"I have spun every day since you left and still all are bare for clothing except Jack and Ninny." (20)

In the Indian Territory, where robbery and murder, looting and burning were practiced by both armies on the citizens and their homes, J. S. Murrow, a Baptist missionary wrote, "The western portions of this Indian Territory are all ruined and laid waste all improvements are burned, stock all driven off or killed, and entire western settlements are deserted." (21)

Conditions at home were often as bad as - or worse than - those in the field. "The rich folks or rather the ones that were rich before the war look as poor, as poor folks generally can look; and what shall I say then of the poor, I can not begin to describe their intense poverty." (22)

The men in the field often turned to more creative ways of supplying their needs. George Washington Grayson wrote

"Our Government had issued to our men certain wool hats of plain sheep's wool without any coloring. Now these hats while not comely of shape and appearance, had further disadvantage of losing after a short service even the little shape and semblance of figure that had been given by the manufacturer. Our soldiers were poorly clad and most of the time presented a motley appearance. So when we caught a prisoner we generally stripped him clean of his wearing apparel as we desired, they always being better than our own and placed upon him instead such of our own duds." (23)

"After the surrender they took all our arms and ammunition and stripped us of the necessary clothing." (24)

For many soldiers however, the thought of wearing Federal blue was unsettling so for want of going cold, they would try to "boil the blue out" of the cloth. But as the war continued objections to wearing the blue became less and less and the Southern army of the Trans-Mississippi took on a decidedly blue tint. "I would yet mention that because the people cannot tell us from rebels is simply for this reason: as many of the bushwhacking rebs as can get the Federal uniform wear them, if they kill one of our men or take one prisoner they strip them of all their clothing." (25)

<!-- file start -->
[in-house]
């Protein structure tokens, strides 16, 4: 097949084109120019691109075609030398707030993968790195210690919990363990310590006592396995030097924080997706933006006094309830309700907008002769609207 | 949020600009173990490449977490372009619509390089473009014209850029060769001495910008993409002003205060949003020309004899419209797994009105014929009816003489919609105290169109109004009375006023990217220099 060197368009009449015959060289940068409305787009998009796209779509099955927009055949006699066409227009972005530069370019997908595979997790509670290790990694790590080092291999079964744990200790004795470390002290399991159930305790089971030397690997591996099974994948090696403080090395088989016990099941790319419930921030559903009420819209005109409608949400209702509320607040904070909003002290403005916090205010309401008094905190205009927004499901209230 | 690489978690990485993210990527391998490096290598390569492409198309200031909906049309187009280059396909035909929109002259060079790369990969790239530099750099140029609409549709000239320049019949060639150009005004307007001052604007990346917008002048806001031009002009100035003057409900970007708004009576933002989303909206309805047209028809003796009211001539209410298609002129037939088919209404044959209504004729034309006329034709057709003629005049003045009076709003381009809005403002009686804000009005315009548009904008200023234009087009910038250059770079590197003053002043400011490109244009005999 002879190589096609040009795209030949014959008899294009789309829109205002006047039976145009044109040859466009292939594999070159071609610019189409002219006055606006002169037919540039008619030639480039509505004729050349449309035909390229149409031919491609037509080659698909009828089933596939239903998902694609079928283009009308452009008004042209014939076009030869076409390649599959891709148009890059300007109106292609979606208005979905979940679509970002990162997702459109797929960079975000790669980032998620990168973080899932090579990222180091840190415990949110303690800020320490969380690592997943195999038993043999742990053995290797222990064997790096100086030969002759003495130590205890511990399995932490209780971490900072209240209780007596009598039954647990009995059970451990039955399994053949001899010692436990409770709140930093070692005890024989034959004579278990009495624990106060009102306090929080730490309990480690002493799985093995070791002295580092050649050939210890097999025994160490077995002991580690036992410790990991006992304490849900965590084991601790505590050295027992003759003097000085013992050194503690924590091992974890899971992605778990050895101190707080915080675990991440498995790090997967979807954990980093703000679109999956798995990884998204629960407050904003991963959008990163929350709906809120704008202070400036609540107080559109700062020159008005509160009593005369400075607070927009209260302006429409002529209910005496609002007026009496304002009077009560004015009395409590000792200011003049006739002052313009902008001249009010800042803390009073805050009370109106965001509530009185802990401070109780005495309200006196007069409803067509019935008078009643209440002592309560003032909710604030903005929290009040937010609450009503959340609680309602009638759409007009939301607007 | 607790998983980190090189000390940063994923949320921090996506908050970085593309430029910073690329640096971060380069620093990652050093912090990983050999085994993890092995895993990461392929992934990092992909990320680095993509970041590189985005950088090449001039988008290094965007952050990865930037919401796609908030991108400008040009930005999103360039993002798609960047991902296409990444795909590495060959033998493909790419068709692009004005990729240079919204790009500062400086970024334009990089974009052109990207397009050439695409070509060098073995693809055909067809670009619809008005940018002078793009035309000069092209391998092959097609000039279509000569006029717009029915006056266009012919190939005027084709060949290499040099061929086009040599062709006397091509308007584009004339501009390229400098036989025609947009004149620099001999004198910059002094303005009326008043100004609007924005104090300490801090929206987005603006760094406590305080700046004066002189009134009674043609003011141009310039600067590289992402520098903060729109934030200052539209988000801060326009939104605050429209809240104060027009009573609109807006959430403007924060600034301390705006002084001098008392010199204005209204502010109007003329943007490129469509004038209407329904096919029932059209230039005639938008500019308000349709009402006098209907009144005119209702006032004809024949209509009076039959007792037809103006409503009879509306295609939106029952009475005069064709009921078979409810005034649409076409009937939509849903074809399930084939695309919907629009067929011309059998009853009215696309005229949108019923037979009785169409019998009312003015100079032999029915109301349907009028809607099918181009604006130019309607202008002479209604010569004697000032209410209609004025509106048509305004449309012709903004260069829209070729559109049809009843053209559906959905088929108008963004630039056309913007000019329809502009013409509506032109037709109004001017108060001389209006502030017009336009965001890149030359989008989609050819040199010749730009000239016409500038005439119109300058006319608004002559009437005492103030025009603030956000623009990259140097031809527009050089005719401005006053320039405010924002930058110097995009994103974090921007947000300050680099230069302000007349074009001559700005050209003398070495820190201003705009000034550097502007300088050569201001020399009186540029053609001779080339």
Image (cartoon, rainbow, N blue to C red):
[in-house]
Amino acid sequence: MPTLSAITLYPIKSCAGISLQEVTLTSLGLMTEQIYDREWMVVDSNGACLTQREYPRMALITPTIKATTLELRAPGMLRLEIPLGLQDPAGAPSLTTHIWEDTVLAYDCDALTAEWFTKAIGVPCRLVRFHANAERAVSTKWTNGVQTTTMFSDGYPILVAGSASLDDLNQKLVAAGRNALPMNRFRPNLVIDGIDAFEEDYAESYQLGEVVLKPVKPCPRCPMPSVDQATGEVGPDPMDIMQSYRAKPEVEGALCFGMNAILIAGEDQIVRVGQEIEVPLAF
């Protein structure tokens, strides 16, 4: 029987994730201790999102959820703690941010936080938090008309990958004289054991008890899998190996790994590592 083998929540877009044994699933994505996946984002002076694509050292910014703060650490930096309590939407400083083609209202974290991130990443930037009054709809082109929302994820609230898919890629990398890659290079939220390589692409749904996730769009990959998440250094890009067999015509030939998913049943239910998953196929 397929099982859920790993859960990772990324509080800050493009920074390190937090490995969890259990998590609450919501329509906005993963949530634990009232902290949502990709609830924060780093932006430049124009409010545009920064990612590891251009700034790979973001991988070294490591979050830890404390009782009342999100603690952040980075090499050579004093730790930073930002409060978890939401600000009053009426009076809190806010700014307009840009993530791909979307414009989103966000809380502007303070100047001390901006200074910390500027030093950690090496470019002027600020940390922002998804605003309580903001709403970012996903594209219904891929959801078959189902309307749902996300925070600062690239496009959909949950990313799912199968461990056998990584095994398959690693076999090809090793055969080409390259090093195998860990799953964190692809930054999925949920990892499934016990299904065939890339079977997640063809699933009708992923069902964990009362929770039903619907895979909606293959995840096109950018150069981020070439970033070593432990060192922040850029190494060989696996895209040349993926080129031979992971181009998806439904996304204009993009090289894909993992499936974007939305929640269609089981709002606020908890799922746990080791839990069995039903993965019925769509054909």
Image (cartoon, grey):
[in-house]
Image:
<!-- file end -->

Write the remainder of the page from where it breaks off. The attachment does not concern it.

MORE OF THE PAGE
And another wrote

"A detachment of this division just arrived from Park Hill, Cherokee Nation, reports that seven of our Indians [3rd Indian Home Guard] known as Pins, were killed at that place a few days ago by a party of rebels wearing the federal uniform. This is not the only instance during the past year of small detachments of our troops having been entrapped by the enemy who were dressed in the federal uniform." (26)

Confederates in blue became more and more prominent.

Distinguishing one army from the other was not often easy at first glance. "The Old man was quite a pleasant man and not a little bit pleased to see so many feds or regular blue coats as we are often called in this place." (27)

"We heard the other day of southern men in Federal disguise coming down the Grand River." (28)

Whether they were in disguise or just happy to have clothing is uncertain. But what is certain is that supplies were few and far between unless they came from the north.

Confederates targeted the northern supply trains for two reasons: One of strategy - cutting supplies to the enemy - and the other of need - supplying their own army.

On the morning of July 5th I learned that there was a train of 10 wagons loaded with U.S. Sutler goods on the way to Jacksport via Sulfur Rock and then some 10 or 12 miles from Batesville. I immediately dispatched 50 men to capture them which they succeeded in doing...On July 6 I received information of another similar train of wagons on the same road. They were in like manner captured...These captures put us in possession of a considerable quantity of goods much needed by our army. (29)

Chaplain George Primrose of the 4th Missouri Cavalry wrote, "I send you the following daring exploit of Capt. J.W. Jacobs, of Burbridge's Regiment, who, on last Wednesday evening captured train of the enemy in ten miles of Little Rock, burning the wagons 13 and bringing off 22 prisoners and 60 mules and harness, also a large lot of clothing." (30)

In yet another report it is learned, "The men that were along say we captured between 300 and 400 wagons loaded with supplies and commissary stores there were only 127 brought out, and the clothing divided among the men, all gota tolerable good outfit." (31)

Confederates wearing Federal uniforms presented many problems for the soldiers of the United States. Witness this caution from Union general Rosecrans to Confederate general Price of the hazards his men faced if captured wearing Federal uniforms.